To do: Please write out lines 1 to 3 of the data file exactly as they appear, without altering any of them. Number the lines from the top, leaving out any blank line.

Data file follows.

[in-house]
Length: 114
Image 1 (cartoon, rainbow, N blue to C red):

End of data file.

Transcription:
[in-house]
Length: 114
Image 1 (cartoon, rainbow, N blue to C red):